I would like to ask, when could the common ancestor of insects and people (vertebrates) live? How could it look like?

This division represents one the major splits in kingdom animalia. Insects belong to phylum arthropoda, which contains many other highly diverse groups like spiders, crustaceans and centipedes. Arthropoda is arguably one of the most successful animal groups on the planet. Vertebrates belong to phylum chordata, another highly diverse and successful group.

The diversion is thought to have happened on the order of hundreds (~500) of millions of years ago.

http://www.pnas.org/content/95/2/606/T1.expansion.html

Hello just to add to the answer that John has given you, the split
between us and insects is the split between the animal groups called
protostomes and dueterostomes.  These names refer to when the mouth
develops during the formation of the gut; mouth first in protostomes,
while the deuterostomes' mouth secondarily, as the anus develops first. 
Bilaterally symmetrical animals are first found in the fossil record
during the Cambrian (~542-490 Million Years Ago).  We have both
protostomes and deuterostomes (arthropods and chordates- if not actual
vertebrates) are present in Chinese fossil beds, like the Chengjiang
Formation.  This bed is about 530 million years old, so the last common
ancestor of arthropods and chordates has to be older than this. 
The
oldest definitive animal fossils that we have are the embryos from the
Doushantuo Formation also from China.  The Doushantuo is 581 million
years old.  The embryos are 'sponge-like'  so they represent the most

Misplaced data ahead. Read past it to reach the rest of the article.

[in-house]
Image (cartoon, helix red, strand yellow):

basal animal body form.  The oldest fossil does not (necessarily)
represent the first individuals of a group, only the 'first' to be
preserved, but it is a reasonable estimate for the purposes of your
question to give a range of times when the last common ancestor of
bilaterians might have appeared.  We have about 50 million years
(581-530 MYA)  between the appearance of animals (sponge-like) in, and
the appearance of arthropods and vertebrates in, the fossil record, for
the last common ancestor to have existed.  The second part of your
question is very important to developmental and evolutionary biologists,
because understanding the body plan of an ancestor gives us more
ability to understand how animals develop and evolve.  The way that we
start to get an idea of what an ancestor looks like is based in part on
what its descendants look like.  More importantly, the shared
characteristics of different groups 'hint' at the characteristics of the
ancestor.  For example, vertebrates, arthropods and annelids are
segmented (and although this is contentious) the Last Common Ancestor
(LCA) was probably also segmented, at the very least it likely showed a
banding pattern of gene expression diving up the body.  It had a through
gut a mouth at one end  and an anus at the other.  It had sense organs,
eye spots patterned by a gene called Pax-6.  To give an idea of what it
might have been, I think that the best description is 'kind of
worm-like'.  I hope that this helps to answer your question.